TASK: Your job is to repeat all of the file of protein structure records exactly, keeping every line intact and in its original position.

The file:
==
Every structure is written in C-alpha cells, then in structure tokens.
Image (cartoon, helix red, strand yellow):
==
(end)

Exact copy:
Every structure is written in C-alpha cells, then in structure tokens.
Image (cartoon, helix red, strand yellow):